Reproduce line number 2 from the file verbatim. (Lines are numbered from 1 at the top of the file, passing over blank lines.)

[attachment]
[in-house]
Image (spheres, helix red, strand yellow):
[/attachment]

Image (spheres, helix red, strand yellow):